FORT MILL — Are you a parent who wants a quick and easy way to monitor your child’s academic progress at any given time? There’s an app for that.
At least there’s one in development and if it does become available, you’ll have Fort Mill Middle School teacher David Richards to thank for it.
Richards came up with the idea, which took first prize in the inBloom Camp and EdTech Codeathon held March 23-24, in Raleigh, N.C. Working with coders who designed an app based on his suggestion, Richards, an eighth-grade teacher at FMMS, came home with the $2,000 first prize.
Richards visualized a simple thermometer icon for “taking the temperature of how a kid is performing in class.” A reading in the red should be a red flag to parents that the student is failing. The better a student’s standing in the class, the higher the reading goes. Peaking into the green signals a healthy academic standing.
The way Richards described the event made it sound like a techie version of “The Bachelorette.”
“They posted the ideas on giant Sticky Notes and then you stood underneath your idea while the developers walked around and if they saw an idea they liked, they interviewed you about it,” he said.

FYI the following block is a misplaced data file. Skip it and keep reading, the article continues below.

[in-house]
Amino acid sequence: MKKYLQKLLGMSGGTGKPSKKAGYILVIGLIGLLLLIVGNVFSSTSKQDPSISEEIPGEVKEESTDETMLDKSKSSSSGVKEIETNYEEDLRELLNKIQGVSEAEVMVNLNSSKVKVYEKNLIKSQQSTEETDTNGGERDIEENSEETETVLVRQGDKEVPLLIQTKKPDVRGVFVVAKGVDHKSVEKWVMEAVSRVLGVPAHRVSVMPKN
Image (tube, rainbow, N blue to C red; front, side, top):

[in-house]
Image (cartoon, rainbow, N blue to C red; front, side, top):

When one group of coders saw Richard’s app, it was a match made in a computer lab.
“As teachers, we always think we have all the answers, all the ideas, but then you see how someone with the skills can put together an actual app in 24 hours. It was incredible.”
According to inBloom’s website, the camp and codeathons are “informal conferences where developers and teachers can come together to contribute, discuss, share and problem-solve, and are an important tool of open source code development.”
Richards, in his fifth year at FMMS, earned his post graduate degree in education technology.
“I definitely have an interest in information technology and technology is an important part of my students’ lives, so exposing my students to new types of technology would make my day even more,” Richards said.
“We’re lucky here in Fort Mill, where we have tools at our disposal like Google Chromebooks,” he said. “Reading ‘The Old Man and the Sea’ is hard enough for eighth graders, but what makes things interesting is when you can add technology to it and get their attention.”
The husband of a teacher – his wife, Gwen, teaches at Fort Mill High – Richards says they both feel the need to find better ways to communicate with parents.
“Sometimes it’s hard for us to express (to parents) how well a child is performing in our classrooms,” he said.
Although he’s unsure if the app will ever be applied, Richards, aside from the money he won, enjoyed the experience.
“It was a first for me and it was a lot of fun. They liked my idea, which was really awesome, but then they brought it to life. It was cool.”